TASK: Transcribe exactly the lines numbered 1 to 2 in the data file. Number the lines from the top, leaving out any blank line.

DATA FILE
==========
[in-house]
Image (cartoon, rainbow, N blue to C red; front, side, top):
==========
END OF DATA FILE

[in-house]
Image (cartoon, rainbow, N blue to C red; front, side, top):